Upholstered chairs by Andrea Mihalik. (AP Photos/www.wildchairy.com)

John Eric Byers carved hardwood cylinders to resemble hammered metal, then blackened them and clad the ends in gold leaf to make a striking series of tables. (www.johnericbyers.com) Kaiser Suidan’s overscale, wall-mounted, ceramic toy jacks and cubes were eye-catching; he’ll work with clients to match colors or themes. (www.nextstepstudio.com) Eric Boos showed a curvy, stylized collection of ceramic fruit bowls. (www.ericboos.com) And Clark Sorensen got attention with his handmade porcelain urinals (“inspired by nature — and the call of it”) shaped like seashells and flowers. (www.clarkmade.com) a


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6 SUNDAY, MAY 5, 2013

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Unlikely Allies
Nature’s full of garden helpers
By Dean Fosdick | For The Associated Press OTHER GREAT GARDEN HELPERS: TOADS: “Harmful insects make up 62 percent of a toad’s daily food supply,” said Lovejoy, who stacks rocks and wood in secluded spots to shelter toads, frogs, turtles, salamanders and lizards. DRAGONFLIES can capture over 400 mosquitoes a day. MOLES: “They eat their body weight in insects, slugs and grubs while aerating the soil,” Lovejoy said. SPHINX WASPS can pollinate 200 flowers in less than seven minutes, Lovejoy said. SNAKES: “Most snakes — about 99 percent of those found in gardens — are harmless helpers, and eat rodents and insect pests,” Lovejoy said. Garter and gopher snakes top her “beneficial” list. BOX TURTLES feast on slugs, snails, insects, larvae and grubs. “They’re slow but sure,” Lovejoy said. BATS: These nocturnal aerialists pollinate flowers, spread seeds and devour upwards of 600 mosquitoes an hour.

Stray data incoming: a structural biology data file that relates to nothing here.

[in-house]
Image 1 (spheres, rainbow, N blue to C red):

ooking for some help in the garden? Many of nature’s most useful critters lie literally at our feet, underappreciated and ignored despite their ability to eliminate insects, condition soils and pollinate plants. Turtles, moths, moles, dragonflies, snakes, toads and spiders are among the many wild things that can help maintain a landscape. The payback is minimal — food, water, shelter, and easing off on harsh lawn and garden chemicals. “I believe in teamwork, using all the creatures that live in your garden,” said Sharon Lovejoy, author of Trowel and Error (Workman Publishing, 2003). “Start from the ground up with night crawlers as part of your workforce.” Add to the earthworms already in your plant beds with commercially available red worms. “Build a worm bin or a place where they can’t get out,” Lovejoy said. “Use all of your leftovers — your kitchen compost. Worms can process up to 6 pounds of garbage in a week.” “Grow an assortment of native plants, which will draw a great many bird species,” Lovejoy said. “Add plant hosts as food for butterfly and moth larvae.” That list would include milkweed (monarch butterflies), borage (green lacewings),